Barn find. Does that term scare you with what you might see, or excite you with what it might be?
Andy and Darlene Rock's '58 Corvette is such a car, built to fulfill a dream of Darlene's, to have a solid-axle Corvette, and of Andy's, to have a C1 like the '56 SR2 his high-school classmate, Cookie Kenuth, had.
Their search started in the early '90s and led them to a '58 that was, to be blunt, a project. "The passenger windows were broken, it had probably about five paintjobs, and the paint was dulled out pretty bad," Andy recalls. "The chrome was in need of attention as well, but it wasn't too bad."
Not too bad, but not all there. The original 283 was under the hood, but its factory- installed Rochester fuel-injection system was nowhere to be seen. In its place sat an aftermarket four-barrel and intake manifold.
With a lot of work and TLC--especially 12 hours of buffing the incorrect red paint on the original fiberglass--they had a C1 that was almost ready for the road. A stroker 384 built by a friend replaced the original 283, which Andy kept (and still has). But then--disaster. "That one blew up on the dyno, from a defective oil pan," says Andy.
RaceCrafters in Lancaster, Pennsylvania, was called upon to make a streetable engine out of what was left of the 384. The carbureted stroker small-block they built was ready to power the car while Andy and Darlene took part in the inaugural HOT ROD Power Tour East, celebrating their 20th wedding anniversary along the way.
The next year, what started as a strip-and-repaint job turned into the full "restification" that resulted in the Vette seen here. They called upon Lonny Gordon of East Coast Muscle Cars in Craley, Pennsylvania, and at his shop the transformation began. Their goal: Keep the original parts on it, while updating the '58 to a retro-looking, yet up-to-date, performer.
The Rocks' '58 had all its year-unique trim, including the twin trunk spears, when they fo
1 Keeping that original look: OEM gauges (restored by Corvette Specialties, Edlersburg, M
Under the hood, the stroker 384 stayed, but its carburetor had to go. "When Lonny and I were doing the design, I found an EFI setup that looked like the original Rochester unit, from Arizona Speed & Marine," says Andy, who adds they weren't out of the woods yet. They found out--the hard way--that the new stroker crankshaft they'd installed had been ground wrong. "A burr on the crank took out the thrust bearings," Andy recalls. "We pulled the engine out again, put a brand-new crank in it, and it's been fine ever since."
Also causing no troubles: A Muncie M-21 four-speed, a 9-inch rearend, and a restored chassis with MP Brakes discs at each corner.
For the body, the '58's original chrome trunk ribs stayed, but all the old paint came off, replaced by a Snowcrest White-with-Inca Silver coves finish, an original '58 color choice. Librandi's in Hummelstown, Pennsylvania, restored all the exterior chrome trim, while Al Knoch supplied the repro upholstery for the cabin.
In addition to its Power Tour appearance, the car scored a class win at Corvettes at Carlisle the first time the Rocks showed it. Since then, it's carried on as a cruiser and weekend show car, one that now shares a garage with Darlene's '02 Z06.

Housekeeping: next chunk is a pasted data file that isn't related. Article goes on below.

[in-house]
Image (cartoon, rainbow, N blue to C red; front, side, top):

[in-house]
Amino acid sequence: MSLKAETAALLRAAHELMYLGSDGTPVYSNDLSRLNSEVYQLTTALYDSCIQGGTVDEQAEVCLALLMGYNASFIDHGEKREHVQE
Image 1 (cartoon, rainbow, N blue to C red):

With a 400-plus-horsepower, EFI-urged stroker small-block under its hood, and modern hardware on its chassis, there's little question that it's a fun driver. "It's awesome!" exclaims Andy. "You just touch the gas, and it barks the back tires."
It might even be a car that Zora Arkus- Duntov himself might have wanted to drive--without a raincoat. Andy relates some Corvette lore about why the C1's door panels changed for '59: "[Duntov] was driving a '58, and he was wearing a raincoat. When he made a turn, the little band on the sleeve opened the door while he was driving."
For those inspired to do some "garageology" in search of a project Vette of their own, Andy has this advice: "Do your diligence, and be very patient through the process. It's like building a house--don't make too many changes once you commit to your plans."
That way, you just might find a Vette that'll make your dreams come true--like Andy and Darlene did.
2 Original "skinny stick" shift lever stirs the Muncie M-21 four-speed via Hurst linkage.
3 Thought it was a Rochester FI, didn't you? Arizona Speed & Marine's EFI combines classi
4 Halibrand-style Budnik "kidney bean" wheels look like the ones on a '56 SR2 Vette that
- Andy and Darlene Rock; Spring Grove, PA
- ArizonaSpeed& Marine aluminum
- Arizona Speed & Marine electronic, FAST ECM unit
- Arizona Speed & Marine electric
- MSD electronic with tach-drive distributor
- Jet-Hot-coated Hooker headers, Borla XR1 mufflers; system fab- ricated by HE Per- formance, Elizabeth- town, PA
- Muncie M-21 four- speed manual with Hurst shifter and OEM- style "skinny stick" lever
- Restored stock coil springs, tubular KYB shocks and stabilizer bar (front); restored stock longitudinal leaf springs, tubular KYB shocks (rear)
- MP Brakes discs (front and rear)
- Budnik "Muroc III" alu- minum; 17x7 front, 18x8 rear
- Yokohama YK250 radi- als; 205/50R17 front, 225/55R18 rear